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The First Prechain Enforcement Action: Everything You Need To Know About The Recent DOJ Indictment

Solidus Labs
May 22, 2024

On May 15, the United States Department of Justice (DOJ) announced the arrest of two brothers on charges of conspiracy to commit wire fraud, wire fraud, and conspiracy to commit money laundering for exploiting the “very integrity of the Ethereum blockchain” resulting in the theft of $25 million in cryptocurrency.

What Just Happened? 

This event was a unique case of a “malicious validator”. By exploiting a vulnerability within the MEV-Boost relay protocol, the attackers manipulated and tampered with the processes by which new transactions are validated and added to the Ethereum blockchain.

This exploit enabled the malicious validator to unbundle pending transactions from an already constructed block before committing to propose the block to the network. Under normal MEV-Boost protocol, the contents of a block are hidden from the validator until the validator commits to proposing that block by signing the block header.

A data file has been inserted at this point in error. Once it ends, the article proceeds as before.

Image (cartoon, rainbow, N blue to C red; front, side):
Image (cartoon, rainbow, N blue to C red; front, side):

In this case, the malicious validator was able to trick the MEV-Boost relay into disclosing the contents of the block before the validator committed, allowing it to unbundle the block’s transactions into a new block where it inputted its own front-run transactions, draining funds from five different MEV Bots.   

Why is it Important? 

This first-of-its-kind enforcement action by the DOJ marks a significant milestone in addressing risks within the Ethereum block-building supply chain, referred to as the “Prechain” ecosystem by Solidus Labs.

While the charges in this case stem from a cyber exploit that resulted in stolen funds, the meticulous establishment of these charges in the indictment reflects a well-informed understanding of the intricacies of  the Prechain ecosystem.

Importantly, this indictment may serve as a catalyst for other law enforcement teams, regulators, and policymakers worldwide to enhance their oversight and understanding of the Prechain ecosystem.

What Does It Mean for Market Participants? 

The DOJ states in the indictment that tampering with the established MEV-Boost protocols, which are relied upon by the vast majority of Ethereum users, threatens the stability of the Ethereum blockchain for all network participants. In this case, exploiting a vulnerability within MEV-Boost constitutes criminal activity in the form of wire fraud.

A deeper dive into the indictment also raises questions about the classification of transactions as public or private within the Ethereum block-building process. This distinction could have far-reaching implications for regulatory frameworks and the legal and compliance responsibilities of builders, relays, and validators in the Prechain ecosystem.

Solidus’ take